Diet can play a role in managing a neurogenic bladder and bowel.
Neurogenic bowel: Regular meals should be spaced throughout the day. Adequate fluid intake is 40 ml per kg body weight plus 500 ml, or at least… Continue reading
People with SCI are at higher risk for osteoporosis due to lack of weight bearing on lower limbs. Decreased bone density increases the risk of fractures and related health problems
Here are some tips to maximize bone health:
- Be… Continue reading
Those with SCI have the same protein nutrition needs as the general population. This changes if a pressure sore develops. Wound healing requires a big increase in protein.
A person with or without SCI needs 0.8 to 1.0 grams of… Continue reading
Heart disease risk can be reduced by keeping cholesterol, waist circumference and other risk factors in check.
Blood fats (lipids) target goals: Keep total cholesterol less than 200 mg/dl. Triglycerides less than 150 mg/dl. LDL the “bad cholesterol”… Continue reading
Those with SCI need fewer calories than the non-paralyzed. This is because metabolic activity decreases after SCI due to denervated muscle.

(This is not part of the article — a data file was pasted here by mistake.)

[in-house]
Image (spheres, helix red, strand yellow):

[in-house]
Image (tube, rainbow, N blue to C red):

Generally, those with paraplegia should weigh 5-10% and those with tetraplegia, 10-15% less than normative weight… Continue reading
Almost all people who sustain a SCI show some recovery of motor function below the initial spinal injury level. The spontaneous recovery of motor function in those with motor-complete SCI is fairly limited. But recovery in incomplete SCI patients is both… Continue reading
You can watch the SCI Forum presentation “Developing Neuroprosthetic Treatments for Spinal Cord Injury.” It took place on February 8, 2011 at the University of Washington Medical Center. http://sci.washington.edu/info/forums/reports/research_moritz.asp.
Chet Moritz, PhD, Assistant Professor in the… Continue reading